With huge demand driving Vietnam’s merchandise, food delivery market, investors are keen on a piece of the action.
After operating for a year in HCMC Lalamove, a logistics company headquartered in Hong-Kong specialising in same-day delivery and courier services, came to Hanoi Wednesday.
A day earlier Grab had released its food delivery app, GrabFood, after a period of testing.
The food delivery market looks extremely lucrative, and businesses want to cash in, industry insiders said.
“By 2020 Vietnam will have over 50 million customers shopping online,” Phillippe Rambaud, head of Lalamove’s Hanoi market development division, said. “This will be a large market for on-demand delivery services.”
Nguyen Duc Loi, CEO of Lalamove Vietnam, said the firm aims to have 10,000 contracted drivers on a permanent basis.
Grab Vietnam CEO Jerry Lim claimed GrabFood’s growth has been very impressive, with the number of its contractors increasing eight-fold in just a month of testing in Hanoi.
“GrabFood is the next major step for Grab in becoming a super-app which meets all the essential needs of people’s daily lives,” he said.
“The way each individual service interconnects and complements each other allows us to build an ecosystem that delivers real benefits not only to our customers and drivers but also to our business partners and vendors,” Jerry Lim added.
Go Viet has launched Go Send as a complementary service, but also aims to develop it into a super-app like Grab. It also plans to launch a food delivery service later this year.
Last year Go Send delivered over 800,000 fashion products and handled 2.3 million food orders for 203,000 small-scale online vendors.
But despite their major success in the online delivery market, the three entrants have to face the difficulties that come when competing with established incumbents popular in the market such as Delivery Now (Foody), and Vietnammm.
Besides, many of their drivers are reluctant to make advance payments to vendors and take on the risk of wrong delivery and customers not accepting goods.
Lalamove for instance has a policy of having drivers make advance payments for food/goods of up to VND3 million ($130.4) in HCMC and VND2 million ($86.95) in Hanoi.
Many vendors still do not focus on delivery through third party applications as an important income stream.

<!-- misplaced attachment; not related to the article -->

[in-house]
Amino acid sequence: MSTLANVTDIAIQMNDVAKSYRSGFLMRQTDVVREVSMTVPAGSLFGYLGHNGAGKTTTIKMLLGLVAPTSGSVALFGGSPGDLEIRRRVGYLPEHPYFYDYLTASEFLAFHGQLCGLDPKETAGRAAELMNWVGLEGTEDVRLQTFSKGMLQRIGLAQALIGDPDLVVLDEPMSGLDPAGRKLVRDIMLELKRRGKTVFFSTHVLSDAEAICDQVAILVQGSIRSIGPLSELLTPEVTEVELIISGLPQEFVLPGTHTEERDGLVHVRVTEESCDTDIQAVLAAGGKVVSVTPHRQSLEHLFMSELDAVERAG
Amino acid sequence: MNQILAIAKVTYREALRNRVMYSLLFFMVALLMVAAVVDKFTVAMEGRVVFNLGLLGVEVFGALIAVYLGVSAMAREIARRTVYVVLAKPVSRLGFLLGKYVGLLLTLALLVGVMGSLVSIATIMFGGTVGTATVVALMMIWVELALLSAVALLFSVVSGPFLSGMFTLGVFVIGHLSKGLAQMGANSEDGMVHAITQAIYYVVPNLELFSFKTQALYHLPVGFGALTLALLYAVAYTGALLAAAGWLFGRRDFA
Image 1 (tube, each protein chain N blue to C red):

A representative of a milk tea chain in Hanoi told to revenues still come mainly from direct sales and phone orders as well as the chain’s own digital app.
Its response times are still much faster than using third party apps, he said.
As more and more providers of delivery services emerge, he believed the most important factors vendors would look for are effective support systems and prices.
The intense competition means consumers will benefit increasingly from the variety of choices and the discounts and improvements in service competitors constantly make to gain market share.
Companies like Grab, Go Viet and Lalamove uniformly claim competition is good for the market, consumers and the businesses themselves.
One of them said the Vietnamese market would see even more competitors in future.
Analysts said this boom would soon spark a struggle between digital delivery platforms and traditional services just like the ongoing between Uber and Grab and traditional cabs.
Do Xuan Quang, deputy head of Vietnam Logistics Business Association, said Vietnam was the fastest growing e-commerce market in Southeast Asia, and along with the strong growth of the logistics industry at 15-20 percent, a similar movement in the delivery market is not surprising.
In 5-10 years, the delivery market in Vietnam will be valued at around $10 billion, he said.
U.K.-based market research firm EuroMonitor International values the food delivery market in Vietnam at around $33 million this year and at more than $38 million in 2020.
It also puts the annual growth rate of the market at 11 percent.